Insufficient Vitamin D in Pregnancy May Hinder Child Development

Insufficient Vitamin D in expectant mothers during pregnancy has been found to have a negative effect on the social development and motor skills of preschool age children.

Examining data gathered from more than 7,000 mother-child pairs, researchers from the University of Surrey and the University of Bristol discovered that pregnant women who were deficient in Vitamin D (less than 50 nmol per liter in blood) were more likely to have children with the lowest scores — the bottom 25 percent — in preschool development tests for gross and fine motor development.

The tests, given at 2 and a half years, included assessments of coordination, such as kicking a ball, balancing, and jumping, as well as the child’s use of fine muscles, including holding a pencil and building a tower with bricks.

Vitamin D insufficiency in pregnancy was also found to affect a child’s social development at 3 and a half years, according to the study’s findings.

However, no associations were found between a mother’s vitamin D status and other outcomes at older ages, such as IQ and reading ability at seven to nine years old, the researchers reported.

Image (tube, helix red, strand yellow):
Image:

Previous evidence from animal studies has shown that the neurocognitive development of fetuses is detrimentally affected when levels of Vitamin D in the mothers are low. Researchers believe that interactions between Vitamin D and dopamine in the brain of the fetus may play a crucial role in the neurological development of the areas of the brain controlling motor and social development.

“The importance of Vitamin D sufficiency should not be underestimated,” said lead author Dr. Andrea Darling from the University of Surrey. “It is well-known to be good for our musculoskeletal systems, but our research shows that if levels are low in expectant mothers, it can affect the development of their children in their early years of life.”

Vitamin D is derived from sunlight and diet. It is found in oily fish, such as salmon, sardines, mackerel, and fresh tuna, and in small amounts of red meat, eggs, fortified fat spreads, and some breakfast cereals.

However, unless a large portion of oily fish (100g) is eaten daily, it is difficult to get the recommended daily intake of 10 micrograms per day from food alone, researchers noted.

“Many pregnant women, especially those from minority groups with darker skin (e.g. African, African-Caribbean or South Asian), will still need to take a 10 micrograms Vitamin D supplement daily, particularly in the autumn and winter when Vitamin D cannot be made from the sun in the UK,” Darling said.

“However, it is important to remember that ‘more is not necessarily better’ and it is important not to take too much Vitamin D from supplements, as it can be toxic in very high doses.”

The study was published in the British Journal of Nutrition.

Source: University of Surrey